Elders Baptist Church, at 1216 Liberty Road in Eldersburg, is celebrating its 50th anniversary this year. To commemorate the milestone, the church is planning a special service from 10:30 a.m. to noon Aug. 2. The service at the church will be immediately followed by a catered lunch at the Sykesville fire hall.
"We've invited a number of people from our church history to be with us at the service," said Rev. Jim Edmonson, pastor of Elders Baptist Church since 1998. "One former pastor, Kenny Heath, will come speak. He was my predecessor. The new director of missions, Rick Hancock, will also speak. He coordinates our local missionary work. And our former music minister, Mitch Camp, will be singing."
Edmonson said the theme for the day and the title of his sermon will be "Looking Back, Looking Forward," and it will be based upon Acts 16:13-15.
"We are not just remembering the history of our church but also doing a little dreaming about what God wants us to be in the future," Edmonson said.
Heath will talk about the history of the church and, Edmonson said, Rick Hancock will give a challenge to the church.
"I have asked [Hancock] to challenge us to get the work [of God] done and follow up with what God wants us to do," Edmonson said.
According to Edmonson, the congregation will head over to the Sykesville fire hall for a members and invited guests-only catered luncheon after the service. Those attending had to RSVP but the free meal is open to the entire congregation.
Dave Heck is on the church's anniversary committee. According to Heck, a small group of church members have been working on anniversary plans for the past year.
"We ordered special shirts for the event with the logo and [the words] '50th anniversary' on the shirt," Heck said.
The humble beginnings of Elder's Baptist Church trace back to Nov. 11, 1959, when Pimlico Baptist Church purchased a 4-acre tract of land at the northeast corner of Liberty and Marriottsville roads for $16,000. The plan was to build a new chapel, but on Jan. 19, 1962, the church sold that property for $40,000 and purchased 4 acres with a house at the current Elders Baptist Church location.
On Sept. 17, 1962, men began digging footers with picks and shovels — the start of the construction of a concrete block building. In January of 1963, Elders Baptist Chapel held a dedication service, leaving behind the status of chapel to be recognized as a full-fledged Baptist church.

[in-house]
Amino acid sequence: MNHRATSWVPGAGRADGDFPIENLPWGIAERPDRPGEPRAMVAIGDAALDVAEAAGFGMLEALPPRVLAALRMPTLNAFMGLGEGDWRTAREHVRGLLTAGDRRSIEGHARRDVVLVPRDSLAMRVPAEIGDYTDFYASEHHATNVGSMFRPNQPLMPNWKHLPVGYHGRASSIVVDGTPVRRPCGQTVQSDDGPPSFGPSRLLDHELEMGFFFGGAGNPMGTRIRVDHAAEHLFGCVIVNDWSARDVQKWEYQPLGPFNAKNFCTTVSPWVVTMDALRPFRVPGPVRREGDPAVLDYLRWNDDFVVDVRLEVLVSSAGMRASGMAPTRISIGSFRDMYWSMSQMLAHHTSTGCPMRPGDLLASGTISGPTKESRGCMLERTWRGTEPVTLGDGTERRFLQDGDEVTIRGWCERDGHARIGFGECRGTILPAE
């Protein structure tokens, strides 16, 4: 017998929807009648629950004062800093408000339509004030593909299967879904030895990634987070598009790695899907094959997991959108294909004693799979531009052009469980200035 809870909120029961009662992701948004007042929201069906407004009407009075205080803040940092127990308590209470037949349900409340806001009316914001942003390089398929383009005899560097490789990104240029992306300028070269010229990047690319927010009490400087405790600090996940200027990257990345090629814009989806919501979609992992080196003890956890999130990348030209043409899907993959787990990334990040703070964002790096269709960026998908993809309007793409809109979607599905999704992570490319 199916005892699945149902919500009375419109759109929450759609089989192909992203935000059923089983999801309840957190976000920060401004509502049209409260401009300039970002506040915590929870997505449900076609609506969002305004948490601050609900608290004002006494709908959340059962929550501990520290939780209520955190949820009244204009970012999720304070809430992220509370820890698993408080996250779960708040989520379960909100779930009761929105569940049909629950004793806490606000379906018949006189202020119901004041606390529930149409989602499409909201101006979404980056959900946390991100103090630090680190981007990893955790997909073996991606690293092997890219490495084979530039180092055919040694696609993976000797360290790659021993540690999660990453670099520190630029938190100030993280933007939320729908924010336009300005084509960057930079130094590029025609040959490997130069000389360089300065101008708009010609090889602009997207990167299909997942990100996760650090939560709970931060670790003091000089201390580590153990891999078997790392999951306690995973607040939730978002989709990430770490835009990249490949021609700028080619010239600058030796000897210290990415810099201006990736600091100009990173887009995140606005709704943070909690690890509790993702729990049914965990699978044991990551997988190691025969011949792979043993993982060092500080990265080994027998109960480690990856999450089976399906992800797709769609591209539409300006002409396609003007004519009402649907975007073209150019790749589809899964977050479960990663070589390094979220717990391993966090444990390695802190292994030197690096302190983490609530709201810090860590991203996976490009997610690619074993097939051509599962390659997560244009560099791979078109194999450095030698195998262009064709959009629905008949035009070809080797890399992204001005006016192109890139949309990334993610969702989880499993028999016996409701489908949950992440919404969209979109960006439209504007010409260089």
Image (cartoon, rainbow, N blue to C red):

"When a new church is started it is called a chapel," Edmonson said. "They are dependent upon the parent church or organization who is sponsoring their start. The parent church is planting or starting the new church."
Elders Baptist Church was sponsored by Pimlico Baptist Church.
On Aug, 1, 1965, a constituting service was held with Rev. Harold A. Hardwick of Pimlico Baptist Church presiding. This brought the new church in as a member of the Central Association, the Baptist Convention of Maryland and the Southern Baptist Convention.
The church grew and, as it did, space grew tight. By 1988, plans were being drawn for a new sanctuary and an educational building with everything under one roof.
Heck said he has been a member since 1982. He said he remembers when ground was broken to build the addition on Aug. 14, 1994.
"That was a big deal," Heck said. "The congregation was excited because we came from such a small beginning. Anytime you go through growth there is added expense, but a lot of prayer time went into this and it all worked out well."
"This was a very small church but it just grew," Heck said with pride. "We prayed on it and voted on expanding and the church membership doubled."
With services at 8:15 and 11 a.m., Heck said you don't always get to see all the members. His family goes to the early service, but others might attend the late service. So the church holds an annual summer picnic at which everyone can get together.
"The church's annual summer picnic is held at Holbrook Hollow Farm [in Reisterstown]," Heck said. "All the members bring a dish to share and we cook on the grill. They have swimming and fishing and a lot of games. Everyone hangs out and talks while the younger kids fish, swim, and play. There is a lot of fellowship. This is a good chance to get together to stay in touch and [share] fellowship with each other."
Heck said the church is involved in many activities.
"We have a group called the Keenagers — age 55 and above — who participate in a number of bus trips, outings and events throughout the year for fun and fellowship," Heck said.
The church also has a youth group that takes trips. The group recently returned from a trip to Ohio.
Heck said the church also has a group of members who participate in missionary trips to Costa Rica and other areas outside the United States.
"The church has had ups and downs," Heck said. "It was broken into a few times, but we got through all of that together ... [People] come to worship God with no false pretenses there. If you don't have expensive clothes to wear, that is fine. Come as you are because God doesn't look at clothing. It's a friendly and loving church."